Which is a bunch of facts and figures. The question for people like me, who don’t generate 8.5 million plants, is how does this all fit into our efforts at regenerative landscaping and preserving biodiversity? First of all, native plants are only one part of an immense and diverse problem. Pesticide use, habitat fragmentation, pollution, and global climate change all contribute as much or more to loss of biodiversity. But no one expects any one person to solve all these issues, and the question isn’t how do we save the world, the question is, how do we better care for our own small part of it? North Creek answers this question by producing plants that are not aggressive nor overly invasive and which, once established in an appropriate site, require no material input (no pesticides or fertilizers!) to maintain their ornamental value or garden worthiness. Most of us will never be mass producing wholesale nursery owners, but more and more of us recognize the need to plant a more local garden, and these attributes, which make it easy to add native plants to our gardens, are much to be desired.

To supply this emerging residential demand for native plants, Steve helped launch the American Beauties line of native plants designed for entry-level plantings by new native-plant gardeners. You may well have seen (even bought, I hope) their green pots at garden centers here in Rhode Island, since one of their main growers, Prides Corner Farms, is located in nearby Connecticut. As a sales associate at Wildwood Nursery, I used to love being able to offer their plants (and have a number of them in my own yard), though they weren’t always available and, at that time, they relied heavily on cultivars to beef up the offerings. However, in recent years, they’ve introduced more straight species and, the last time I checked availability, they were in much better space.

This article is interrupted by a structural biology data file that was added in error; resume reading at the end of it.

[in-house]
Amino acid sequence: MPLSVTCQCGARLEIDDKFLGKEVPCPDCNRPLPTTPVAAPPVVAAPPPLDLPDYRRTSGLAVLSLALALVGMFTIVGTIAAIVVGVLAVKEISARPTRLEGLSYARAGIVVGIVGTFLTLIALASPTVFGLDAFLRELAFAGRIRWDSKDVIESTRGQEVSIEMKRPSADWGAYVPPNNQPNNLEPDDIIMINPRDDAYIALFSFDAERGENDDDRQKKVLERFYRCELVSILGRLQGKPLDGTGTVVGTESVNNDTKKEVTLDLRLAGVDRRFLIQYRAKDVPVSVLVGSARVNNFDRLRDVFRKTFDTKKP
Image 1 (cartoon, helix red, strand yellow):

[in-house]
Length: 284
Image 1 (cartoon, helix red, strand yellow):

In summation, Steve saw the future 35 years ago – long before Doug Tallamy gave us the guiding science around which to shape our native garden goals – and has worked throughout that time to provide the plants and the expertise to create regenerative landscapes. The reality is, if you have been native plant gardening here in Rhode Island for any length of time, there probably is a North Creek plant somewhere in your garden. It is fitting it should be so, as Steve himself says, “Plants are not a luxury, they are a vital part of what keeps our world in balance.” 

Gardeners’ tip: Prides Corner is a wholesale nursery, so you can’t buy directly from them, but their availability page is online and accessible to anyone who is interested. If you go to https://www.pridescorner.com/Availability and scroll down, you’ll see “Filter List by Program.” Click on the American Beauties Native Plants link and you can see exactly what is available. Most local nurseries aren’t ordering in right now but will be hard at work generating their spring orders once they sell their last wreaths and Christmas trees. A January email to your favorite garden center with some suggestions for plants you’d like to get in the spring may well influence those decisions.

George Christie, who studied entomology and landscape architecture, has worked in mosquito control, environmental education and garden design and plant sales. He currently works for the Rhode Island Natural History Survey managing their rare species database.